Semantic Versioning

Semantic versioning is used for most frameworks, libraries, and APIs. For package managers like npm, semantic versioning is mandatory to resolve dependencies correctly. But how to version semantically?

When using semantic versioning, the structure of a version number is described based on a version number consisting of MAJOR.MINOR.PATCH. The individual elements are incremented as follows.

  • MAJOR is incremented when API incompatible changes are released
  • MINOR is incremented when new functionality compatible with the previous API is released
  • PATCH is incremented when changes include API-compatible (bug) fixes only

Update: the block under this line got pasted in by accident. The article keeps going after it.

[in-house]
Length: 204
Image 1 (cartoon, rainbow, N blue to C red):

In addition, pre-release identifiers and build metadata are available as extensions to the MAJOR.MINOR.PATCH format.

The notes on when to increment which number refer to the API, the Application Programming Interface. An application is usually consumed by users, not by other software components, and therefore has no API.

Instead of the API compatibility, the compatibility of system requirements can be used for applications for versioning. MAJOR is increased if the system requirements have changed, for example, a newer operating system or an additional resource is required. If the system requirements remain the same and new functionalities have been added, MINOR is increased; if only bugs have been fixed, PATCH is increased.